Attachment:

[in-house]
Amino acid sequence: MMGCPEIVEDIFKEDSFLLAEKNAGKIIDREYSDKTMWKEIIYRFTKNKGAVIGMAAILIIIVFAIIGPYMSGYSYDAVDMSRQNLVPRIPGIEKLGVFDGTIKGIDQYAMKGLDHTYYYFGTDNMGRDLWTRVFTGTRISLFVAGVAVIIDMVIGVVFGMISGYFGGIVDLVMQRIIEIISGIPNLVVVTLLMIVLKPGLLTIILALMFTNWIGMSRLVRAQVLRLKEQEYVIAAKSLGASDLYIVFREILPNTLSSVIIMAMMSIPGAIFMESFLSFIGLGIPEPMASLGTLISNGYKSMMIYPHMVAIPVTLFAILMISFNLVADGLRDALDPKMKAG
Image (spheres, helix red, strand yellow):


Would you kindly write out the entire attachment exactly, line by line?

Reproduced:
[in-house]
Amino acid sequence: MMGCPEIVEDIFKEDSFLLAEKNAGKIIDREYSDKTMWKEIIYRFTKNKGAVIGMAAILIIIVFAIIGPYMSGYSYDAVDMSRQNLVPRIPGIEKLGVFDGTIKGIDQYAMKGLDHTYYYFGTDNMGRDLWTRVFTGTRISLFVAGVAVIIDMVIGVVFGMISGYFGGIVDLVMQRIIEIISGIPNLVVVTLLMIVLKPGLLTIILALMFTNWIGMSRLVRAQVLRLKEQEYVIAAKSLGASDLYIVFREILPNTLSSVIIMAMMSIPGAIFMESFLSFIGLGIPEPMASLGTLISNGYKSMMIYPHMVAIPVTLFAILMISFNLVADGLRDALDPKMKAG
Image (spheres, helix red, strand yellow):